Here are links to several of my favorite recent personal finance articles:
Most Ordinary Americans in 2016 are Richer than Was John D. Rockefeller in 1916 by Don Bourdreaux at Café Hayek
I enjoyed the fascinating thought experiment suggested by this article: “What is the minimum amount of money that you would demand in exchange for your going back to live even as John D. Rockefeller lived in 2016?” Read the article before you answer as it gives an enlightening description of conditions 100 years ago. This question led to an interesting discussion around our dinner table during a recent Sunday dinner. For the record, no one in my family was willing to trade their middle-class 2016 lifestyle to live as the wealthy did 100 years ago. Another interesting question is, “What would you miss the most if you did make the trip back in time?”
Money Can’t Buy Me Love (But It Can Buy Me Time) at the First Habit Blog
I love exploring the relationship between time and money and this article provided several interesting insights on the topic. For example, “Money is Stored Energy…Each time you see a dollar, imagine that it’s a charged battery. You spent your time to produce something of value, and now that value is stored in the dollar ready to be converted back to life energy (time).”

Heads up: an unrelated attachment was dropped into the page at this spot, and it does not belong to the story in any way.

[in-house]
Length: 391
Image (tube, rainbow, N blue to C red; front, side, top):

Yes, Numbers Matter in Money Decisions, but So Do Emotions by Carl “Sketch Guy” Richards at the New York Times
The “science” of economics is based on the theory that we all behave rationally when it comes to money, which of course isn’t true. The field of behavioral economics admits this isn’t true, but for the most part thinks we would be better off if it were true. Richards takes it a step further in this article, arguing that, in certain situations maybe our irrational emotions should be accepted rather than inhibited. At the very least they should have a place at the table and voice in our financial decisions. This is another great article by fellow Utah resident Richards, who is one of my favorite financial writers, and whose articles always make me look at things from a different perspective.
I am a big fan of Mike Rowe and a big believer in his mission to promote the vocations as not only necessary for the progress of America, but as a rewarding (both financially and otherwise) alternative to college. I once heard Rowe state, “To make America great again, we need to make work cool again.” In this article he mocks some $425 dollar jeans that completely miss his point, making it cool to look like you work hard while avoiding the actual work. Not only do I love Rowe’s message, but his writing always makes me smile while also teaching me something.
Money Jokes for All by J. Money at Budgets are Sexy
Money is a serious topic, but that doesn’t mean we can’t have fun with it. I enjoyed these money jokes provided by my friend J. Money. My favorite was the one for politicians. What was your favorite?